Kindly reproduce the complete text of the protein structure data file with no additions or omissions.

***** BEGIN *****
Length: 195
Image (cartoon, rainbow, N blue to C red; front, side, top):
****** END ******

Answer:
Length: 195
Image (cartoon, rainbow, N blue to C red; front, side, top):